Consumer Protection

Scam Alert: Mortgage Refinancing and Loan Modification Scams

Updated by Amy Loftsgordon, Attorney
Learn how to avoid refinancing and modification scams.

There's no shortage of people willing to take advantage of homeowners facing foreclosure. Two common scams are: refinancing scams and loan modification scams. The actual scams vary a bit, but pretty much result in the same thing—the scammer pockets your cash.

How a Refinancing Scam Works

In a refinancing scam, the scam company or individual sends a mailer or calls you. The scammer offers to help refinance your mortgage loan at a new, lower interest rate. Most of the homeowners targeted by this kind of scam have difficulty making their monthly loan payments. In some cases, you might have a high-interest rate, and are looking to benefit from a lower rate to save money.

Here are some "red flags" that might indicate a refinance scam:

  • The scam company seeks an upfront fee, before services are provided. The fee might cover "refinance counseling" or a "refinance consultation" or might be the company's fee for refinancing. It could be hundreds or even thousands of dollars. The company might then keep the fee, but not refinance your home.
  • The company doesn't disclose its fees and rates up front. For example, say a company promotes a low interest rate up front, and then, at closing, raises that rate. In addition, "extra" fees and costs not originally quoted should be a red flag.
  • The company asks you to sign over the title (ownership) of your home while it refinances the property. The company promises that it will convey title back to you once the refinance is done. However, what typically happens is that the company gets title, then refinances the property, taking out all the equity. The fraudsters then take off with the money and let the property go into foreclosure.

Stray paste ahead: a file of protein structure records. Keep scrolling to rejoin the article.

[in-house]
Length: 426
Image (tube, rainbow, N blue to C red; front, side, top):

Loan Modification Scams

If you're struggling to stay current on your mortgage payments, a loan modification might be the perfect solution to your problem. With a loan modification, the lender agrees to take certain steps, like reducing the interest rate or extending the term of the loan, to lower the monthly payments. (Here's what you need to know about getting a modification.)

You can easily apply for a modification on your own. But a scammer modification company might try to convince you that you’re better off hiring their company to help you "negotiate" with the lender. In truth, there's little negotiation in the modification process. If you meet eligibility requirements, you'll get a modification.

Modification companies, however, often exploit a homeowner by:

  • charging very high fees for doing things that you could do without assistance, like sending in an application and supporting documentation to the servicer
  • charging money for services and then not doing anything to earn the fees, or
  • taking steps that actually hurt you, like not responding to the servicer's calls, neglecting to send required documentation to the servicer, or letting a foreclosure sale happen.

(If you want to get a loan modification, learn five tips to improve your chances of getting one).

What You Can Do

If you're contacted by a company you believe is trying to scam you, turn over the scam information to your state Attorney General. The Attorney General's office can then investigate the company. Such an investigation might protect other homeowners.

Getting Help

If you need help completing an application for a loan modification or want more information about different ways to avoid foreclosure, consider talking to a foreclosure lawyer or a HUD-approved housing counselor. You should, however, avoid hiring a loan modification company to help you.

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